At some distance from them is another monument, nine feet out of ground, and probably two or three under, with the figure of a woman on the front and back, and the two sides richly ornamented, but without hieroglyphics.
The next day the negro promised to show Mr. C. eleven square columns higher that any he had seen, standing in a row at the foot of a mountain; but after dragging him three hours through the mud, Mr. C. found by the compass that he was constantly changing his direction; and as the man was armed with pistols, notoriously a bad fellow, and indignant at the owners of the land for coming down to look after their squatters, Mr. C. became suspicious of him, and insisted upon returning. The Payes were engaged with their own affairs, and having no one to assist him, Mr. Catherwood was unable to make any thorough exploration or any complete drawings.
The general character of these ruins is the same as at Copan. The monuments are much larger, but they are sculptured in lower relief, less rich in design, and more faded and worn, probably being of a much older date.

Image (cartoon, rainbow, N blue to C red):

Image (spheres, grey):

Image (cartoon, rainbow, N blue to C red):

Of one thing there is no doubt: a large city once stood there; its name is lost, its history unknown; and, except for a notice taken from Mr. C.’s notes, and inserted by the Senores Payes in a Guatimala paper after the visit, which found its way to this and Europe, no account of its existence has ever before been published. For centuries it has lain as completely buried as if covered with the lava of Vesuvius. Every traveller from Yzabal to Guatimala has passed within three hours of it; we ourselves had done the same; and yet there it lay, like the rock-built city of Edom, unvisited, unsought, and utterly unknown.”
In this manner did the Lord continue to give us instructions from time to time, concerning the duties which now devolved upon us, and among many other things of the kind, we obtained of him the following, by the spirit of prohecy and revelation; which not only gave us much information, but also pointed out to us the precise day upon which, according to his will and commandment, we should pro [p. 928]